I also take offence to the song’s lyrics, particularly the line “We have no fear”. Fear of what, exactly? That someone might’ve done a wee in the shallow end? You’re swimming up and down a pool, what is there to be afraid of?!

I’ve just spent three weeks watching wide-eyed as cyclists fly down mountainsides at 100 km/h with nothing to protect them from an airy death but an inch of rubber and carbon-fibre nerves. These are the guys who truly have no fear.

This country has a long, sad tradition of sporting types being allowed into the recording studio. Back in 1972 the Australian cricket team released a single “We Are the Aussies”. Do you remember it? Of course not, because it was about as successful as Dennis Lillee’s aluminium bat. And don’t even get me started on Warwick Capper and Mark “Jacko” Jackson.

I can’t recall one singer who has attempted the crossover to professional sport. You don’t see Barnsey standing up there on the blocks in his budgie-smugglers (thank God). The only “individual medley” John Farnham is concerned with is his seven minute montage of hits from his LRB days.

So let’s make a deal. Entertainers, you stick to the recording studio and swimmers, you stick to the pool. Let’s leave the singing of inspirational power ballads to the experts. We already have one Vanessa Amorosi, and I suspect that one is enough.

Jun 3

You’re probably familiar with the music video game Guitar Hero, in which the player uses a “guitar shaped peripheral” (sweet Jesus) which interfaces with the game controller. By following on-screen coloured prompts and mashing the corresponding “frets” on the “guitar”, a pre-recorded version of the song is played. In this way, the player gets the impression that he or she is a musician, actually “playing” the song.

Just take a look at the guitar peripheral:

Leo Fender is rolling around in his grave.

As if all this isn’t bad enough, the concept has been extended to create a new game called Rock Band. Now we have multiple instruments: guitar, bass and drums, as well as vocals. As with Guitar Hero, each of the three instruments follows their own on-screen colour-codes thus forming a sort of “virtual band”. If each player follows the colours correctly, once again a pre-recorded version of the song is produced.

Before I start my rant on this ridiculous piece of 21st century shite, have a look at this video of a “rock band” murdering Black Sabbath’s “Paranoid” (you don’t have to sit through it all):

As someone who has played the guitar since I was a kid this is a travesty.

In my day, if we wanted to play in a band we went out and bought shitty instruments, and played them ’til our fingers bled. It was the summer of ’69. (Or ’84 in fact). My first guitar was a cheap second-hand Stratocaster copy from Hondo. I got it for Christmas in my 14th year, and it cost a whopping $125, strap and case included. It was fucking beautiful. I had no amp, but would happily plug it into any available electrical device with a 1/4″ input jack.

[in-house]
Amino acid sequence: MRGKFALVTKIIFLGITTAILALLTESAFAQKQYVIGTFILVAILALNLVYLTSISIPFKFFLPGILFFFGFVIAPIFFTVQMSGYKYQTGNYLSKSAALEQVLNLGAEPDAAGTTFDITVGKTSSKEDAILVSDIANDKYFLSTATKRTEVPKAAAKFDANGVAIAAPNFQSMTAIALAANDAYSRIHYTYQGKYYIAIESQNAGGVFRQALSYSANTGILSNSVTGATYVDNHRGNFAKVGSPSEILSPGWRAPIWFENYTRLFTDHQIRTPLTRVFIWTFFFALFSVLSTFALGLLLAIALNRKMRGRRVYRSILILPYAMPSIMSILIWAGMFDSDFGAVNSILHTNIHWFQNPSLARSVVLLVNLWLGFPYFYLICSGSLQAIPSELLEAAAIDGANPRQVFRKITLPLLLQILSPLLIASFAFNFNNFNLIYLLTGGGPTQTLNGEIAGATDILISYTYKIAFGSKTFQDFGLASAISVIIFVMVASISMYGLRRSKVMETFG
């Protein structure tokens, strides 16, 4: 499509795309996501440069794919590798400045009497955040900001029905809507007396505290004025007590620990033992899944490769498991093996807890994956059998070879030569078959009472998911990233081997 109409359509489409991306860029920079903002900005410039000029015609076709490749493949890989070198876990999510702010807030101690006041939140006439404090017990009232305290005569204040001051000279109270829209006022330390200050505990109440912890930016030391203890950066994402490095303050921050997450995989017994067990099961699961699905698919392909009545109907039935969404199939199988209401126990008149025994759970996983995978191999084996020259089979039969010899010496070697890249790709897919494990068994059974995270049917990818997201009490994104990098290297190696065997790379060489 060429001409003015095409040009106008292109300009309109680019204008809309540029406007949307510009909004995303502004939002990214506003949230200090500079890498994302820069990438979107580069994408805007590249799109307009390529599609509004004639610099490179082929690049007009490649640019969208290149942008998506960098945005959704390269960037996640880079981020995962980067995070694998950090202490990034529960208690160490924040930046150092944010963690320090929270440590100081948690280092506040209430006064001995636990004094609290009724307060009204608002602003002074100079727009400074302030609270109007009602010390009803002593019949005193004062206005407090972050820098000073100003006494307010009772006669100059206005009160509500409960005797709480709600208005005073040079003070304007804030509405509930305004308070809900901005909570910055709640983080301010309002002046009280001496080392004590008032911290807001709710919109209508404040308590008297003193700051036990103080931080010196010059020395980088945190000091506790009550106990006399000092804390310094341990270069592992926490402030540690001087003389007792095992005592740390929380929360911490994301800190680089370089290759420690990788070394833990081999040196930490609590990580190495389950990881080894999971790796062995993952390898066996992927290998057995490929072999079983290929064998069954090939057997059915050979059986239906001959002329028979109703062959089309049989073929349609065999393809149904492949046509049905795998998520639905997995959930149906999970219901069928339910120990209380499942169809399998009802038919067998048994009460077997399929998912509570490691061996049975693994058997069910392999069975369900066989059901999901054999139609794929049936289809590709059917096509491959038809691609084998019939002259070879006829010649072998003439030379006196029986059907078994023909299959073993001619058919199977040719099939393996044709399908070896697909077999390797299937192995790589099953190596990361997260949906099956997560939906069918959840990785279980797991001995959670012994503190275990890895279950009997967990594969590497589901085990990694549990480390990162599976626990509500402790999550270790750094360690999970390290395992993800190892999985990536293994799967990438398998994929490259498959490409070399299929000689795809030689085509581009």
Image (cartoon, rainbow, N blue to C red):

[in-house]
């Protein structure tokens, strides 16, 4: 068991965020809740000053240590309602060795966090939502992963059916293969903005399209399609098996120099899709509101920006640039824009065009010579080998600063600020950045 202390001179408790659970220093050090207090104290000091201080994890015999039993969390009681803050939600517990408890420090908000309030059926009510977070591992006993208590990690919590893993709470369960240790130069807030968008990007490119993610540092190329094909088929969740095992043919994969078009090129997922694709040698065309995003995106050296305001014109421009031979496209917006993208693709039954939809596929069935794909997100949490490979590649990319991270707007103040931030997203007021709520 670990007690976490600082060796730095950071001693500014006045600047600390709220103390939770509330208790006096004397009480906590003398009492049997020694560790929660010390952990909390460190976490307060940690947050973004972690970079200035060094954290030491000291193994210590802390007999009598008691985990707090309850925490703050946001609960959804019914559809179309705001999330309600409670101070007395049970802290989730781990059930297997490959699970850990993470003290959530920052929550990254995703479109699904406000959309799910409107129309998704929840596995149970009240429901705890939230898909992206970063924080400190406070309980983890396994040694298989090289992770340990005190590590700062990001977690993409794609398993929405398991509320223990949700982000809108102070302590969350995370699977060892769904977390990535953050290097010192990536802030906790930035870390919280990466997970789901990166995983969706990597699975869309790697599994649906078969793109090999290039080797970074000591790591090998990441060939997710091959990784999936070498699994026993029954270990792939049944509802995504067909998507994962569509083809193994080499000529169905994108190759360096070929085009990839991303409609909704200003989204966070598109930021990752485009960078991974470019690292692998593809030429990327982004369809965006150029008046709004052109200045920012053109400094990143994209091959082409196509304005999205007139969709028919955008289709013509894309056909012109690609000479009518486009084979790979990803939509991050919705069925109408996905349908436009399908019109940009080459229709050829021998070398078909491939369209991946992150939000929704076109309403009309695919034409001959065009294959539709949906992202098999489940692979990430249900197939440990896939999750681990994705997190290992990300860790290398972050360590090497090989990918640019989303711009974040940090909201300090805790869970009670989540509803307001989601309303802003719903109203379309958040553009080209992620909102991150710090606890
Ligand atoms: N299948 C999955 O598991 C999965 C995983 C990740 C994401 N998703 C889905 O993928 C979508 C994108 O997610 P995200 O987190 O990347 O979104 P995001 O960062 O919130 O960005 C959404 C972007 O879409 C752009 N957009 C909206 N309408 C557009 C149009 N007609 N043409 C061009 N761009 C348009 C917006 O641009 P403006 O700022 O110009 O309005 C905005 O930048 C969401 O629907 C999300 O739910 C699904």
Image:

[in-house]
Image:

A couple of my mates were likewise struck with the urge to be a rock demigod, and they both begged, borrowed or (most likely) stole until we were kitted out with guitar, bass, amps and drums. Pretty soon we were rocking the suburbs from New Lambton all the way to New Lambton Heights. Coincidentally, one of the first songs we played together was “Paranoid” by Black Sabbath, of which a cassette recording is extant. It sounds pretty awful in retrospect, but our joy and passion shines through the distortion and subsonic rumble.

Something was nagging at me as I watched the video above. I couldn’t put my finger on it at first, then I realised what it was. The players are all staring glass-eyed at the screen to follow their colour codes. They aren’t looking at each other. They are missing out on the sense of joy that you feel when you stand in a room and make music with your best mates.

Nobody will convince me there is any skill involved in Rock Band. These players will never know the feeling of mastering a difficult riff or solo after hours of painstaking, callus-inducing practice. They will never create their own music, they will never improvise. I feel genuine pity for this generation of wannabe musicians doomed to stand in front of their X-Box and plasma TV, wanking off on their plastic imitation guitars.

I’ll leave you with a video of the one and only Black Sabbath playing “Paranoid” live circa 1970. If the black t-shirt wearing cock-foreheads from the abovementioned “rock band” ever saw these four hairy geezers from Birmingham they’d run a fucking mile.

May 7

When I was a kid I loved Iron Maiden. I first heard them when I was twelve, during Christmas holidays at Forster in 1982. I was hanging out at a friend’s caravan, and he put on a cassette of The Number of the Beast album. When I heard “Run To The Hills” I felt something move deep inside of me.